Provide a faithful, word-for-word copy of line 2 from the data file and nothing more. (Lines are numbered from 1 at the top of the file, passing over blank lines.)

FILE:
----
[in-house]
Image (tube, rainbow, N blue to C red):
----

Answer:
Image (tube, rainbow, N blue to C red):